Aquinus: somebody had to tip over the first domino
Camus: either come to terms with it or...suicide
Aquinus: chicken egg chicken egg chicken egg chicken egg chicken egg chicken egg
Camus: i haven't got an answer for you, nor you for me
I cannot tell you what change took place in my mind when I first read Camus. I had always been precocious, asking for answers that no one could give. I just had to accept some things without proof and I would feel better. In their mind, I was approaching the issue in a pointless way: sort of like trying to reason a headache into oblivion instead of simply taking two Tylenol and being shut of it. But I have never been one for medication. I would rather ache and think than be blissfully apathetic.
Camus taught me that there is no answer. There are no long years of searching and enlightenment at the end of it all. There is only the void of absurdity. There is no higher cause for disease, death, happiness, good fortune. There is only the Russian roulette of absurdity, and you either keep pulling the trigger or you turn the weapon on yourself. Perhaps this seems sad to you. That I do not hold any mystical beliefs and so tend to be melancholic. But you do not know what a relief this was to me. I no longer had to explain anything. I did not have to try to believe in something I did not believe in. I did not have to observe the sacraments. I was set free to live as a human being with only my thoughts to guide me. I did not have to reference the holy texts. I did not have to try to logically prove the existence of god or anything else for that matter. I am an absurd human being, and I owe no one or thing my penance.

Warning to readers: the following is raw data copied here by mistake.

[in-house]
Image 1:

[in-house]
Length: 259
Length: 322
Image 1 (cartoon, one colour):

Good try, Thomas, but Camus has you beat.